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T1 - Association of cigarette smoking with interval to biochemical recurrence after radical prostatectomy

T2 - Results from the SEARCH database

AU - Moreira, Daniel M.

AU - Antonelli, Jodi A.

AU - Presti, Joseph C.

AU - Aronson, William J.

AU - Terris, Martha K.

AU - Kane, Christopher J.

AU - Amling, Christopher L.

AU - Freedland, Stephen J.

PY - 2010/11

Y1 - 2010/11

N2 - Objectives: To analyze the association between cigarette smoking and biochemical recurrence (BCR) after radical prostatectomy among men from the Shared Equal Access Regional Cancer Hospital (SEARCH) cohort. Methods: We performed a retrospective analysis of 1267 subjects from the SEARCH cohort treated from 1998 to 2008 with smoking status available from the preoperative notes. A comparison of the baseline patient and disease characteristics between the current smokers and nonsmokers (past and never smokers combined) was performed using the chi-square and rank sum tests. The univariate and multivariate associations between smoking status and BCR-free survival were analyzed using Kaplan-Meier plots, the log-rank test, and Cox proportional hazard models. Results: Of the 1267 patients, 408 (32%) were active smokers and 859 (68%) were nonsmokers at surgery. The current smokers were younger (P <.001), more likely to be black (P <.001), and had a lower body mass index (P <.001), a greater percentage of positive biopsy cores (P = .039), a greater preoperative prostate-specific antigen level (P = .003), more extracapsular extension (P = .003) and seminal vesicle invasion (P = .029), and lower prostate volumes (P = .002). On univariate analysis, smokers had a risk of BCR similar to that of nonsmokers (hazard ratio 1.19, P = .129). On multivariate analysis, smoking was associated with an increased risk of BCR when adjusted for body mass index only (hazard ratio 1.37, P = .008). However, after adjustment for multiple preoperative characteristics, the association was attenuated and no longer statistically significant (hazard ratio 1.12, P = .325). After additional adjustment for postoperative features, such as tumor grade and stage, smoking was unrelated to the risk of BCR (hazard ratio 0.91, P = .502). Conclusions: Among patients undergoing radical prostatectomy in the SEARCH cohort, cigarette smoking was associated with slightly more advanced disease but a similar risk of BCR.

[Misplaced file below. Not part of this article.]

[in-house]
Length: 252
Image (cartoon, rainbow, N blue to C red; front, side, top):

AB - Objectives: To analyze the association between cigarette smoking and biochemical recurrence (BCR) after radical prostatectomy among men from the Shared Equal Access Regional Cancer Hospital (SEARCH) cohort. Methods: We performed a retrospective analysis of 1267 subjects from the SEARCH cohort treated from 1998 to 2008 with smoking status available from the preoperative notes. A comparison of the baseline patient and disease characteristics between the current smokers and nonsmokers (past and never smokers combined) was performed using the chi-square and rank sum tests. The univariate and multivariate associations between smoking status and BCR-free survival were analyzed using Kaplan-Meier plots, the log-rank test, and Cox proportional hazard models. Results: Of the 1267 patients, 408 (32%) were active smokers and 859 (68%) were nonsmokers at surgery. The current smokers were younger (P <.001), more likely to be black (P <.001), and had a lower body mass index (P <.001), a greater percentage of positive biopsy cores (P = .039), a greater preoperative prostate-specific antigen level (P = .003), more extracapsular extension (P = .003) and seminal vesicle invasion (P = .029), and lower prostate volumes (P = .002). On univariate analysis, smokers had a risk of BCR similar to that of nonsmokers (hazard ratio 1.19, P = .129). On multivariate analysis, smoking was associated with an increased risk of BCR when adjusted for body mass index only (hazard ratio 1.37, P = .008). However, after adjustment for multiple preoperative characteristics, the association was attenuated and no longer statistically significant (hazard ratio 1.12, P = .325). After additional adjustment for postoperative features, such as tumor grade and stage, smoking was unrelated to the risk of BCR (hazard ratio 0.91, P = .502). Conclusions: Among patients undergoing radical prostatectomy in the SEARCH cohort, cigarette smoking was associated with slightly more advanced disease but a similar risk of BCR.